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Why give you me this shame?
The princely Angelo ?
0, Heavens! it cannot be. Isab. Yes, he would give it thee, from this rank
Thou shalt not do't.
life, I'd throw it down for
Thanks, my dear Isabel. .
frequently stands in quotation detached from the antecedent line—“The sense of death is most in apprehension;" without which it is liable to an opposite construction.
i To enmew is a term in filconry, signifying to restrain, to keep in a mew or cage either by force or terror.
2 Guards were trimmings, facings, or other ornaments applied upon a dress. It here stands, by synecdoche, for dress.
Claud. Yes.-Has he affections in him,
Isab. Which is the least ?
Claud. If it were damnable, he, being so wise,
Isab. What says my brother?
Death is a fearful thing.
a Isab. And shamed life a hateful.
Claud. Ay, but to die, and go we know not where;
Isab. Alas! alas!
Sweet sister, let me live:
O, you beast!
1 Wilderness, for wildness.
Ne'er issued from his blood. Take my defiance:
Claud. Nay, hear me, Isabel.
O, fie, fie, fie!
O hear me, Isabella.
Duke. Might you dispense with your leisure, I would by and by have some speech with you: the satisfaction I would require, is likewise your own bencfit.
Isab. I have no superfluous leisure; my stay must be stolen out of other affairs; but I will attend you a while.
Duke. [To CLAUDIO, aside.] Son, I have overheard what hath passed between you and your sister. Angelo had never the purpose to corrupt her; only he hath made an essay of her virtue, to practise his judgment with the disposition of natures: she, having the truth of honor in her, hath made him that gracious demial which he is most glad to receive: I am confessor to Angelo, and I know this to be true; therefore prepare yourself to death: Do not satisfy your resolution? with hopes that are fallible: to-morrow you must die; go to your knees, and make ready. Claud. Let me ask my sister pardon. I am so out
I of love with life, that I will sue to be rid of it.
1 Do not satisfy your resolution, appears to signify, do not quench or ertinguish your resolution with fallible hopes.
Duke. 'Hold you there : Farewell. [Exit ClaudIO.
Re-enter Provost. Provost, a word with you.
Prov. What's your will, father?
Duke. That now you are come, you will be gone: leave me awhile with the maid ; my mind promises with my habit, no loss shall touch her by my company. Prov. In good time.?
[Exit Provost. Duke. The hand that hath made you fair, hath made you good : the goodness, that is cheap in beauty, makes beauty brief in goodness; but grace, being the soul of your complexion, should keep the body of it ever fair. The assault that Angelo hath made to you, fortune hath conveyed to my understanding; and, but that frailty hath examples for his falling, I should wonder at Angelo. How would you do to contend this substitute, and to save your brother?
Isab. I am now going to resolve him: I had rather my brother die by the law, than my son should be unlawfully born. But 0, how much is the good duke
O deceived in Angelo! If ever he return, and I can speak to him, I will open my lips in vain, or discover his government.
Duke. That shall not be much amiss : yet, as the matter now stands, he will avoid your accusation ; he made trial of you only.—Therefore fasten your ear on my advisings; to the love I have in doing good, a remedy presents itself. I do make myself believe, that you may most uprighteously do a poor wronged lady a merited benefit; redeem your brother from the angry law; do no stain to your own gracious person; and much please the absent duke, if, peradventure, he shall ever return to have hearing on this business.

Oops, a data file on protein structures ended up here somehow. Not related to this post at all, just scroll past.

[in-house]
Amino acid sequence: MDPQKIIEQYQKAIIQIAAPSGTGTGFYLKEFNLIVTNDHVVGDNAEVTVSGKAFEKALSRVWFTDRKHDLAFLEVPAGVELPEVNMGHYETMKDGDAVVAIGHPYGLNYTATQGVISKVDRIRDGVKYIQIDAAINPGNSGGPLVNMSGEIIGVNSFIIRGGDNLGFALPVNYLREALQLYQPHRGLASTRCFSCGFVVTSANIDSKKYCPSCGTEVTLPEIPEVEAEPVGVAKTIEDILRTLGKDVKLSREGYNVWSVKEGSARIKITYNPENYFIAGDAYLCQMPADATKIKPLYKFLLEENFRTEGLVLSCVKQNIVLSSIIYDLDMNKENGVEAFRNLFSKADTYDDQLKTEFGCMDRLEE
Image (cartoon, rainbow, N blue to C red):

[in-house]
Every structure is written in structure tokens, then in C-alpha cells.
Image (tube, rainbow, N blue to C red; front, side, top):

Isab. Let me hear you speak further; I have spirit to do any thing that appears not foul in the truth of my spirit.
Duke. Virtue is bold, and goodness never fearful. Have you not heard speak of Mariana, the sister of Frederick, the great soldier, who miscarried at sea ?
1 Hold you there : continue in that resolution. 2 i. e. a la bonne heure, so be it, very well.
Isab. I have heard of the lady, and good words went with her name.
Duke. Her should this Angelo have married; was affianced to her by oath, and the nuptial appointed; between which time of the contract, and limit of the solemnity, her brother Frederick was wrecked at sea, having in that perished vessel the dowry of his sister. But mark how heavily this befell to the poor gentlewoman: there she lost a noble and renowned brother, in his love toward her ever most kind and natural: with him the portion and sinew of her fortune, her marriage dowry; with both, her combinate ? husband, this wellseeming Angelo.
Isab. Can this be so ? Did Angelo so leave her?
Duke. Left her in her tears, and dried not one of them with his comfort ; swallowed his vows whole, pretending, in her, discoveries of dishonor: in few, bestowed her on her own lamentation, which she yet wears for his sake; and he, a marble to her tears, is washed with them, but relents not.
Isab. What a merit were it in death, to take this poor maid from the world! What corruption in this life, that it will let this man live !—But how out of this can she avail?
Duke. It is a rupture that you may easily heal: and the cure of it not only saves your brother, but keeps you from dishonor in doing it.
Isab. Show me how, good father.
Duke. This fore-named maid hath yet in her the continuance of her first affection ; his unjust unkindness, that in all reason should have quenched her love, hath, like an impediment in the current, made it more violent and unruly: Go you to Angelo: answer his requiring with a plausible obedience; agree with his demands to the point: only refer * yourself to this advantage, -first, that your stay with him may not be
I i. e. appointed time.
2 i. e. betrothed.